“For this listener is no longer passively analytical; he is an associate whose tastes, preferences, and inclinations even now alter peripherally the experiences to which he gives his attention, and upon whose fuller participation the future of the art of music waits.  He is also, of course, a threat, a potential usurper of power, an uninvited guest at the banquet of the arts, one whose presence threatens the familiar hierarchical setting of the musical establishment.”

“In the best of all possible worlds, art would be unnecessary. Its offer of restorative, placative therapy would go begging a patient. The professional specialization involved in its making would be presumption. The generalities of its applicability would be an affront. The audience would be the artist and their life would be art.”

“The public concert as we know it today would no longer exist a century hence, that its functions would have been entirely taken over by electronic media.”

“Perhaps skepticism is the necessary obverse of progress.”

“Whether we recognize it or not, the long-playing record has come to embody the very reality of music.”

“In a quest for perfection, he sets aside the hazards and compromises of his trade. As an interpreter, as a go-between serving both audience and composer, the performer has always been, after all, someone with a specialist’s knowledge about the realization or actualization of notated sound symbols.”

“That the judgment of the performer no longer solely determines the musical result is inevitable. It is, however, more than compensated by the overwhelming sense of power which editorial control makes available to him.”

“My idea of happiness is spending 250 days a year in a recording studio.”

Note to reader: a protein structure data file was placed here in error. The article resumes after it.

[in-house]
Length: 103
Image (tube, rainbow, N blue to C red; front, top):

“The performer is inevitably challenged by the stimulus of this unexplored repertoire. He is also encouraged by the nature of studio techniques to appropriate characteristics that have tended for a century or two to be outside his private preserve.”

“But most important, this archival responsibility enables the performer to establish a contact with a work which is very much like that of the composer’s own relation to it. It permits him to encounter a particular piece of music and to analyze and dissect it in a most thorough way, to make it a vital part of his life for a relatively brief period, and then to pass on to some other challenge and to the satisfaction of some other curiosity.”

“Of all the techniques peculiar to the studio recording, none has been the subject of such controversy as the tape splice. With due regard to the not-so-unusual phenomenon of a recording consisting of single-take sonata or symphony movements, the great majority of present-day recordings consist of a collection of tape segments varying in duration upward from one twentieth of a second.”

“The recording debate centers upon whether or not electronic media can present music in so viable a way as to threaten the survival of the public concert.”

Glenn Gould on Musical Competitions:  [they leave their] “eager, ill-advised supplicants forever stunted, victims of a spiritual lobotomy.”